NEW YORK: Lawyers are rubbing their hands in anticipation of a litigation bonanza arising from marketing to kids. The Association of National Advertisers' Advertising Law & Business Affairs Conference was told: "2007 will be a year of focus on kids' advertising."

The childhood obesity epidemic sweeping the nation will prompt increasing numbers of lawsuits against food marketers as new curbs are introduced, warned speakers at the convention.

But, despite the long shadow of the courtroom, lawyer John Feldman urged manufacturers: "If you're in the business of selling candy, sell candy; if you're in the business of selling burgers, sell burgers."

The way to avoid a legal minefield, he told them, is to take care not misrepresent food as healthy, when plainly it is not: "If you make something that is a treat, full of fat and calories, any implication that it's healthy is dangerous."

Feldman also announced the launch of, a website offering news and updates on regulatory activities, including revised guidelines for the Children's Advertising Review Unit and the Children's Food & Beverage Advertising Initiative led by ten of America's largest food and drinks manufacturers [WARC: 16-Nov-06].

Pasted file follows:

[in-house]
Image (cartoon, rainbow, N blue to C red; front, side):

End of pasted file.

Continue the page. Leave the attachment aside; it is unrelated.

Fellow legal eagle Geoffrey Beach suggested permission-based direct marketing, as adopted by tobacco companies, was a safe approach but 'that's a lot to go through to buy a box of Oreos'.

Another hot topic was the future of guarding intellectual property and individual rights as the internet becomes an ever more pervasive medium.

Elizabeth Arden vp/associate general counsel James Perry advised marketers to "disabuse ourselves of the notion that we'll be able to control the content on the internet".

He added: "The question is no longer, 'What can we do?' Now it's, 'What should we do?' It is a question that attorneys and the marketing team decide based on a cost/benefit analysis."

Data sourced from; additional content by WARC staff